Why did prisoners colonize Australia?

Great Britain decided to use prisoners, or convicts, to colonise the Australian continent for several reasons.

There was a major problem in England. Britain's prisons were overcrowded with petty thieves who had resorted to minor theft of food and clothing just to survive - but Britain was determined to incarcerate them as punishment. Unemployment was rife - a side-consequence of the Industrial Revolution - but the country could not provide jobs for them all. The British authorities decided that, by establishing a new penal colony in a land which showed promise for eventually becoming self-supporting, they could also solve this problem of too many criminals. Britain had been sending their excess prisoners to North America, but the American War of Independence put a stop to the practice. Following this, the English were no longer able to transport surplus prisoners who couldn't legally be executed to North America.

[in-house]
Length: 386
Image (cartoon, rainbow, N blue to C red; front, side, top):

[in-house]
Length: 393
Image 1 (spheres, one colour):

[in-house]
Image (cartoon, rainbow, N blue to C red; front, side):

Australia was remote, and there would be few people willing to travel there as free settlers, until it was more established. Convicts could be sent there; they had nowhere to escape to; and they could help build up the colony, thereby adding to the British presence in the South pPacific - a desirable outcome in the days of the war against France. Not only would this expand the British empire, but it would prevent the French from gaining a foothold in the Australian continent or in the southwest Pacific.